Could we be getting non-injectable covid vaccines? Regulators in China and India have given the go-ahead for two vaccines delivered through the mouth or nose, the Wall Street Journal reports. While existing vaccines have reduced symptomatic disease, severe illness, and death, they have not had much success in preventing mild infections or transmission. Scientists say the new vaccine method may hold more promise for preventing the spread of covid-19 because they work in the nose and lungs, where we first encounter the virus during transmission.

How it works: An intranasal vaccine could build up immunity in the upper airway tract, effectively block infection and transmission, and also stimulate the immune system better than injected vaccines leading to longer-lasting protection, a scientist told the WSJ. The mechanism of the vaccine is similar to the injectable versions, using an adenovirus — a virus that causes the common cold — engineered to include the genetic coding of the spike protein located on the surface of the coronavirus. Once the vaccine is inhaled, the genetic code tells human cells to make the spike protein, triggering an immune response that can offer protection if you later encounter the real covid.

But are they actually effective? China’s Convidecia Air published the results of a trial on 130 people which reported that two doses of its vaccine generated an antibody response similar to one dose of an injected vaccine. India’s iNCOVACC concluded two clinical trials this year including a trial of over 3k unvaccinated people who received two doses of the nasal vaccine and another booster trial with 875 people who received a single nasal vaccine dose following two doses of another vaccine. The trials showed iNCOVACC produced a strong immune response, but didn’t report whether it reduced symptomatic disease.

Is the race to be the founder of a “space economy” underway? Four American companies are bidding to replace the International Space Station (ISS) with a privately-owned and operated station, the Financial Times reports. The ISS will be decommissioned by the end of the decade, leaving a gap for space-based research but it will also open up the chance for the private sector to expand into manufacturing, tourism, entertainment and more. Axiom Space, Nanoracks, Blue Origin, and Northrop Grumman have been selected to develop commercially viable models, although there are concerns on whether the commercial market will be big enough to sustain private stations.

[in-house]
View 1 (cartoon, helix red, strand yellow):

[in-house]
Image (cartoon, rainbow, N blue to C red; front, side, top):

Looking beyond research: The ISS research lab and microgravity environment has supported thousands of groundbreaking experiments and discoveries across a range of scientific disciplines, NASA says, helping with the development of cancer meds, Alzheimer’s research, and even improving fabric softener with space-based research. But now companies are hopeful that new private sector stations will be designed with the capacity to produce certain products at scale for sale back on Earth.

The space market will pull in big money: Estimates for the size of the ‘space economy’ reach as high as USD 1 tn a year by 2040, the FT says, citing Citi, but the annual sales for commercial space stations is estimated at just USD 8 bn. Out of the four initial contracts awarded, NASA will select one or more for the final contracts around 2025 who will earn an estimated USD 1 bn in annual revenues from the space agency to fulfill station services left behind by the decommissioned ISS.


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Thriller fans, this one fits just right: Screenwriter Graham Moore (who landed the 2014 Academy Award for Best Adapted Screenplay for The Imitation Game) makes his directorial debut with his own co-written screenplay The Outfit, which is available to rent on Amazon Prime. The movie is set in Moore’s hometown of Chicago in 1956, in a suit shop run by Leonard Burling (Mark Rylance), a British Savile-Row-trained cutter who immigrated to the US after WWII. The local gangsters are his most loyal customers, often conducting their, ahem, business in the back of his shop, while Burling goes about his business, making suits. This goes on for years until it’s discovered that there is a mole in the gangsters’ organization that has been secretly recording incriminating tapes of conversations and handing them to the FBI, potentially bringing down the entire operation. The mole, along with a rival gang called The Outfit emerging on the scene, escalates tensions as they scramble to find out the mole’s identity.

Not much going on tonight: Scotland faces off against Ukraine tonight at 8:45pm in the UEFA Nations League.

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Amsterdam-based DJ Disco Arabesquo will play a mashup of 70s-90s Middle-Eastern and North African songs at Cairo Jazz Club tonight at 8pm. DJ Safi will also take the stage.

Austrian director Sabine Derflinger’s documentary Johanna Dohnal – Visionary of Feminism, is screening tonight at the Austrian Cultural Forum. The documentary portrays the the life of feminist Austrian politician Johanna Dohnal, who fought for the implementation of women's rights.

Artist Ayman El-Semary’s solo exhibition Tent is ongoing at the Picasso Art Gallery until 2 October.